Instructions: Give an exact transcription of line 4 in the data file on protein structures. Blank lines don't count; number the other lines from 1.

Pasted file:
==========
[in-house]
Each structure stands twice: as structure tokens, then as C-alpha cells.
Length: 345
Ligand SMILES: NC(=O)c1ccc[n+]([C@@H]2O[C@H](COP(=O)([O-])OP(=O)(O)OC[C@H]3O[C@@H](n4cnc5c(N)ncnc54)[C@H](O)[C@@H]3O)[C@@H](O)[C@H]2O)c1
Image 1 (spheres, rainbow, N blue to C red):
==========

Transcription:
Ligand SMILES: NC(=O)c1ccc[n+]([C@@H]2O[C@H](COP(=O)([O-])OP(=O)(O)OC[C@H]3O[C@@H](n4cnc5c(N)ncnc54)[C@H](O)[C@@H]3O)[C@@H](O)[C@H]2O)c1